There are several other potential uses for coltsfoot though we are relying mainly on anecdotal reports and traditional use. There is little in the way of scientific evidence to verify its effectiveness for the following purposes.
Coltsfoot tinctures are sometimes used to treat duodenal complaints like colitis. When used internally it may help bolster the immune system and help to treat allergies. It is purported to have antimicrobial properties and is sometimes used to treat urinary tract infections like cystitis. It is also used in a vaginal douche to help clear up vaginal infections.
How to Use Coltsfoot
Coltsfoot is available in capsule and tincture form and is commonly enjoyed as a herbal tea or decoction.
Add a tablespoon of your dried flowers and leaves to a mug of boiled water. Allow the tea to steep for at least 10 minutes. Strain the herb away and drink it up two or three times each day.
Add around an ounce of your dried coltsfoot flowers and leaves to a liter of water then boil. Allow your mixture to evaporate gradually until you are left with about a pint of liquid. You can add the liquid to a poultice or dip cotton balls into the decoction then apply them to your chest to help with breathing issues.
A warm compress made with the decoction can also help relieve skin inflammation and help heal minor wounds or burns.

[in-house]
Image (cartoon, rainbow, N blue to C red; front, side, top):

Many health food stores and online sites sell coltsfoot in capsule form. Check the recommended dose and precautions before starting to use the herb.
Precautions and Side Effects
- Coltsfoot contains a number of alkaloids which may be toxic to the liver if it is taken in large doses or for a prolonged period of time.
- It is not recommended that you take coltsfoot for more than a month in each 12 month period.
- Long term use of the herb may also increase blood pressure. It should be avoided by people with hypertension and cardiac disease.
- Coltsfoot should be avoided by young children, pregnant women and nursing mothers. There are documented abortifacient effects from using the herb.
(1) Hirono I, et al. Gann . 1976;67(1):125-9